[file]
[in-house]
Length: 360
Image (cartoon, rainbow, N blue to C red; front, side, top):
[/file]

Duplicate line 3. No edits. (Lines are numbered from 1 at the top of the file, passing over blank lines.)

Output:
Image (cartoon, rainbow, N blue to C red; front, side, top):